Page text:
This is Luke.  He is our oldest child.  I wanted his name up here on the menu bar, appearing prominent, representing that he is part of every experience, every site, every bite and every blog post in Italy. On July 9, when we left Seattle, it had been 5 years and 5 months since he died.  His death still feels impossible.  I knew the hardest part about leaving home would be leaving all the memories that surround us there.  Luke is with me always, but it seemed so much more tangible when I could walk by his bedroom, touch his pillow, look at the pictures he drew and cry with friends who are familiar with that indescribable pain.

Walking through the charming, narrow cobblestone streets of Perugia lacks a direct connection with Luke; we were never here together.  There is no gelataria he loved, no bookstore he visited, no cafe where we sat together and no school where he attended.  As beautiful, rich and vivacious as this country is, it can occasionally feel empty.  We miss Luke.

However, I have found some unexpected comfort lying in the history of this place.  It’s so old here.  There are so many stories.  Throughout the ages, there has been so much creativity and so much life. Great people have walked here.  Many of the world’s formative ideas were born here.  But these cities also know death.  There have been epic wars and devastating plagues.  I know these piazzas have been covered with blood and sadness.  Walking into any palace or cathedral and I can feel the centuries of loss.  The sacred, earthy air gives me comfort because I know I’m not alone.  Thousands of mothers and fathers have lost children.  In fact, it use to be very common.  So while there is no bench dedicated to Luke where I can sit while studying Italian verbs, I can walk into a church and light a little candle.  Or I can touch a stone at some ruin.  Or I can visit the underground cities.  I can be part of this ancient country.  I understand a little of what these people experienced.

21 thoughts on “Luke

  1. Beautifully put. When Mom and I travel and visit a church, of any faith, we light a candle to emphasis Luke’s presence. He is with us always and we make sure we leave his presence all over the world. Love, Grandpa John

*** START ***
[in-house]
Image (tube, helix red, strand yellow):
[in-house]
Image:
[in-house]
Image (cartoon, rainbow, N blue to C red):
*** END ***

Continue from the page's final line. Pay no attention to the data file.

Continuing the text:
2. I love you all so, so much. Your absence here, not being in your home, not seeing Luke’s room and drawings on a regular basis, has not lessened the heartache our family feels at the loss of our friend Luke as one might think (out of sight, etc…). If possible, it has intensified with the absence of your family and of that mecca for those of us who feel this intense loss with you. Our hearts are with you and our wish for you is love, growth, adventure, connections and memories on this year’s journey, all with Luke in your heart, as he is in ours.

    • Thank you so much Rose. This means a lot. Knowing that he is being remembered and missed back home is assuring to me. It makes me feel like he is being taken care of while we are so far away. I always feel like he must be somewhere. And if you are thinking of him and missing him, then I feel like he is with you. (I know that might sound contradictory, but it feels true.)

  3. Pingback: Cortona and The Lamentation | one year in perugia

  4. I’m so glad that you posted about Luke. His name looks like it belongs, as it does, in the menu bar. I still say his name out loud every day, just like I now say, “Hudson”. I thought about both of them quite a bit on my run this morning. I wonder if they’ve met each other yet.

  5. Jill, Sean and I just finished reading about Luke and we both agree that you are such a beautiful and eloquent writer. We can’t even begin to imagine the pain you, Matt and the boys have felt and continue to feel but we so appreciate you sharing this post with us all. Please know that although we never got to meet Luke we hold him close to our hearts, as we do ALL of you. Miss you.

  6. It was so nice to see Luke’s name on the menu bar and to find this page. We think of him (and all of you) daily as a few of his photos are prominently on our refrigerator, alongside one of Rory. Your post about the Lamentation was incredibly moving, I didn’t even know how to respond. There is something so sacred about some of those paintings and churches and the way you wrote about it was beautiful. Love to you my friend.

    • Something about your comment gave me such giant goosebumps. You can’t imagine how often I think of you whenever I look at art here. I wish you could help me appreciate it, understand it, and enjoy it even more. I’m glad you found this page. I know that Luke is part of your family’ story in a big way. Love you.

  7. Pingback: Candles | one year in perugia